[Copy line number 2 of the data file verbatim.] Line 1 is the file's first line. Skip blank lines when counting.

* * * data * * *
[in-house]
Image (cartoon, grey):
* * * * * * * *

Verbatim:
Image (cartoon, grey):